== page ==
It has been noted, and it is generally true, that a straight draw is arguably the hardest hand to play in poker. The vast majority of players over play the straight draw – it can make a monster hand and win you lots of cash - but it is more likely to lose you a lot of poker chips. The truth is, if you flop a straight draw and you have 6 outs, the standard odds of hitting these outs is approximately 30% – depending on how many poker players are at your table.
Bear in mind that when you're holding a straight draw, you should always consider: how much is the straight draw, how big are the blinds, and what's the size of your chip stack? It is also important to note how the other players at your table are playing? For a great many poker professionals, the issue is how much they are willing to gamble. Other things to take into consideration include the type of poker game that you are actually playing – these could be Sit & Go’s, poker tournaments or Ring Games.
Sit & Go Poker and Tournament Play Poker
When you are playing a Single Table Sit & Go, one of the very best hands to have is a straight draw. This is especially true in a multi-way pot. Poker players tout this as a great way to make lots of chips, especially when the blinds are low at the inception stages of a poker tournament. You're advised to play a tight game in the initial stages, but you should ideally chase your draws when the poker blinds are really low, and when there is a viable opportunity to hit those monster hands with as little risk as possible. As the tournament wears on, and high blinds become commonplace – in relation to your stack size – top strategists suggest that you should take the small ball approach and check your draw, or call a small bet.
It makes no sense to bust out while you are chasing a trivial draw. As the chip leader, you want to have your opponents out-chipped, and then you want to be extra aggressive with your draws, punt out on the flop, and move the low stakes all in if they punt. It's akin to a semi-bluff because your decision will affect them and if you get called, you still have lots of live outs.
Cash Game Strategy
If poker games are animals, then the cash games are the beasts of poker. Playing a straight draw in a cash game is really about being able to read your opponent – based on their past play performance. It's also about how much punting ability you have left in your game. Bear in mind that the blinds will never change. And the stack size really makes no difference whatsoever. Your goal here is not to oust your opponents, but simply to reel in the cash. Poker greenhorns and even intermediate-level players make the all too common mistake of buying in with the maximum chip stack that they have and being way too aggressive against what really are shorter stacks. The truth is that these players really don't know how to change up their game. As a poker player – novice or pro – you want to draw against these types of players. These types are guys will bet on most Flops and chase off most opponents. You should ideally play small ball against these guys by flat calling and seeing another card. If you hit, you will most likely double your money, by dint of their aggression. Try to remember that you should watch your opponents before making a decision on whether you should punt or not.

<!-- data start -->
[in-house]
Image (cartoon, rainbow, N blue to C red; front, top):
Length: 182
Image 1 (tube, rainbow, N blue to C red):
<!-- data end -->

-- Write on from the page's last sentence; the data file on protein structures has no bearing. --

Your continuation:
Fundamental Tips to Remember
As always in games of poker you want to keep your eyes on the players as much as you play your cards. Watch how your opponents are betting and always keep in mind the size of your stack in tournaments. Never ever go broke chasing a draw with one card to come when you can still fold and make a comeback. Only play against the straight draw when the risk is worth the reward. For example if the pot is just 250 and you have 1500 chips to put all in, it's not worth it. An open-ended straight only hits around 3 out of 10 times and an inside straight draw has even worse odds.